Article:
Saif Keeping: Is Libya prepared for the trial of Gaddafi’s son?

Saif al-Islam, the most prominent son of the country's late leader Colonel Gaddafi, is being held in the western town of Zintan. He has been charged by The Hague with crimes against humanity – but will the ICC ever see him in court?

World powers have urged the National Transitional Council (NTC) to extradite the prisoner to the International Criminal Court in Europe. The Hague tribunal wants to try Saif al-Islam for crimes against humanity. The new Libyan authorities, however, have pledged a home trial for the colonel's son in an attempt to establish its judiciary.

The ICC had orginially given Libya until January 10th to decide whether – and when – it would surrender Saif al-Islam, and to give information about his mental and physical health. It also wanted Libya to answer concerns raised by activists that Saif al-Islam was being held incommunicado, without access to lawyers.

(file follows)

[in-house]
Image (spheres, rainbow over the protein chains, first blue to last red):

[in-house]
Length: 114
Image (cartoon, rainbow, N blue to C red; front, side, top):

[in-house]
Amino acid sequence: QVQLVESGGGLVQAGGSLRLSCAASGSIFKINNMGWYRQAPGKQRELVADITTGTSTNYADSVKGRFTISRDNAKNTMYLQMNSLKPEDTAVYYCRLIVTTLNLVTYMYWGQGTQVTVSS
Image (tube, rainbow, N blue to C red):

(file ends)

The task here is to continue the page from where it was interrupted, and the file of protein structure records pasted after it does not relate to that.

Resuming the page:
Libya had asked for a three-week extension, citing security concerns. The haggling continued at The Hague, where the authorities agreed to only two weeks, citing procedural concerns. But while the two sides fuss over who keeps Saif, many are wondering whether either of the two is capable of giving him a fair trial.

Sabah al-Mukhtar, president of the Arab Lawyers’ Association told RT that Libya’s judicial system is not prepared for a trial of such magnitude and significance. But extraditing him to The Hague is no guarantee his rights will be represented. “I’m not so certain that the Western powers, or indeed even the ICC, are really all that interested in human rights issues,” al-Mukhtar said. “Don’t forget, it’s the Western powers that destroyed Libya. It’s the Western powers and NATO that were hunting that man. They were going to kill him and suddenly they became all concerned about his human rights? It’s a little bit too tongue-in-cheek.”